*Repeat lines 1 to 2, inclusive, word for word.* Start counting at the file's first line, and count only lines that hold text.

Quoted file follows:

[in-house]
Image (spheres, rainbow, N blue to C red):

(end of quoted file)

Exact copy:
[in-house]
Image (spheres, rainbow, N blue to C red):